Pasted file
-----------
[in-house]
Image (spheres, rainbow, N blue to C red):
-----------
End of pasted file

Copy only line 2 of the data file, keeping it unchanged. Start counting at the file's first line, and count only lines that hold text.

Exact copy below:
Image (spheres, rainbow, N blue to C red):